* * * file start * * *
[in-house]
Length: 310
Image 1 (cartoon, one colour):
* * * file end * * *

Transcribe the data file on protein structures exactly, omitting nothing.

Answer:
[in-house]
Length: 310
Image 1 (cartoon, one colour):